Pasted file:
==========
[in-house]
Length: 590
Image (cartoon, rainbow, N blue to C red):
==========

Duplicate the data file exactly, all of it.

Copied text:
[in-house]
Length: 590
Image (cartoon, rainbow, N blue to C red):